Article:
One thing trolls/MRAs/"humanists" love doing when they come into feminist spaces is share videos from girlwriteswhat and all her awesome proof that its much harder being a man, patriarchy doesn't exist, and feminists are stupid and man haters. I'm guessing their propensity to share her videos verses other attempts to discredit feminism is partially because she's a woman and partially because if you're not educated on the topics she discusses then her points can seem persuasive.
Now I'm going to respond to some of her claims, but the focus is responding to people who use girlwriteswhat as proof that feminism is unnecessary. This post is not directed at girlwriteswhat herself.
General response when people post her videos:
The points made by girlwriteswhat can seem persuasive, however a majority of them are based on inaccurate or misrepresented history/law/practice/science. A lot of them rely on popular tropes that upon further investigation from reliable/academic sources proves untrue. In the rare cases what all of girlwriteswhat information is correct she's still faulty in her focus on feminism. The causes of the issues she correctly names is the Patriarchy/Kyriarchy, which feminism fights against.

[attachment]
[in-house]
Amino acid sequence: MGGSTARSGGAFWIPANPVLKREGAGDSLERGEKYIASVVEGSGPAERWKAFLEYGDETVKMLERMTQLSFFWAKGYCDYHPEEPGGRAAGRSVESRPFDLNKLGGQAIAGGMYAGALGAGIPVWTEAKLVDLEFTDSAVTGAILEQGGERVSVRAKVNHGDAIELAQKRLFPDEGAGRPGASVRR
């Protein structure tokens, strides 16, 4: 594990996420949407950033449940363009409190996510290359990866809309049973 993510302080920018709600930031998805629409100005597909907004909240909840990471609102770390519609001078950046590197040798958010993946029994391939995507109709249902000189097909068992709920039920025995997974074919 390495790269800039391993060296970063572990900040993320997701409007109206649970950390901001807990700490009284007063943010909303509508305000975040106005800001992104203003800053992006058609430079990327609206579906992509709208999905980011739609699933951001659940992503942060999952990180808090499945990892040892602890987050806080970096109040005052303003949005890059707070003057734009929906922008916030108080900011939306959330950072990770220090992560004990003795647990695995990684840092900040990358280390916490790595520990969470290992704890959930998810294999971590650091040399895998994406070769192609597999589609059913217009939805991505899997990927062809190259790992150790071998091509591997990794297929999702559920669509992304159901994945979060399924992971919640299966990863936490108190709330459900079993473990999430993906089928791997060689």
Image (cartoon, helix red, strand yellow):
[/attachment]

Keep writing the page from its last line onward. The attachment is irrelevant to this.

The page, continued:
The two most popular videos that people share (in my experience) are the ones on "Feminism and the Disposable Male"and the almost two parter about rights of the child, paternal rights, men's responsibility in preventing pregnancy and financial abortions.
The myths within the "Disposable Male"
"Women and Children First" as a successful policy of life saving pretty much began and ended with the Titanic. Other British ships did claim this policy, but when it came to maritime disasters it was almost never followed. Generally men are much more likely to survive a disaster, this is even more true for the captain and crew ("going down with the ship" was basically another Titanic exception).
Also unlike her claims, current standards of saving people on ships/from fires makes no distinction between men and women. People might need and receive special assistance because they're children/have disabilities/carrying multiple children. Basically you take care of people who need the most care/assistance first which is generally not an able bodied adult of either gender.